While there is an extensive and growing research literature on the benefits of paid parental leave, few studies have examined the impacts of paid family leave on caring for elderly family members. Yet families that take advantage of these policies may actually be helping to lower state costs in other areas. Arora and Wolf (2018) estimate that paid family leave reduced elderly nursing home utilization by 11 percent in California relative to an empirically matched group of control states. IWPR will replicate and expand on the Arora and Wolf study to estimate the impact of paid family leave on cost savings for states and individual families. The research team will:
- study the New Jersey’s paid family leave program and how it is used for elder care;
- calculate the overall reduced spending on nursing home care primarily of the elderly that occurs because families are using paid leave (thus reducing nursing home use);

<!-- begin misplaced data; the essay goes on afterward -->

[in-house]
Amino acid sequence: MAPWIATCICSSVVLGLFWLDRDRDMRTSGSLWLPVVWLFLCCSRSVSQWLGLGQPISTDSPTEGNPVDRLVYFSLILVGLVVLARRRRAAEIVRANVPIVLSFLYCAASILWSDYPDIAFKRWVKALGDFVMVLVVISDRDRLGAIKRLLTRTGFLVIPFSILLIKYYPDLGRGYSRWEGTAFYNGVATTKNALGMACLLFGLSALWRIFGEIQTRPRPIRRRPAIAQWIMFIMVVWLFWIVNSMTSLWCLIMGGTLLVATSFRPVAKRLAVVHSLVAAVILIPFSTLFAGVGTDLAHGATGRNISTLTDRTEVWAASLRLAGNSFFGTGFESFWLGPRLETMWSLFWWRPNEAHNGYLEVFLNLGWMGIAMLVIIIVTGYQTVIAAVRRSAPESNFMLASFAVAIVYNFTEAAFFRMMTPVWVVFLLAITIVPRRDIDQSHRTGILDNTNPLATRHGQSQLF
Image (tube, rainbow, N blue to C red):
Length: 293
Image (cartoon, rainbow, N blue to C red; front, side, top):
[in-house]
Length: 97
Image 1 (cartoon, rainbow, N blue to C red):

- estimate reduced public health care spending through Medicaid and Medicare costs as a result of paid family leave; and,
- conduct an analysis to make sure the resulting cost estimates are reliable.
The analysis will use health care spending data from 1991-2014 to cover the period when New Jersey and a few other states began providing paid family leave benefits. Results showing reduced nursing home spending, especially from public insurance, would strengthen the case in favor of paid family leave programs that provide partial wage replacement to low wage earners frequently left out of employer provided benefit programs. Estimating the anticipated cost savings from expanded access to family care leave and understanding how programs arrayed by benefit generosity might differentially reduce costs would be of great interest to policymakers, advocates, and other stakeholders in states with and considering paid family leave programs.
Principal Investigators: Jeffrey Hayes, Institute for Women's Policy Research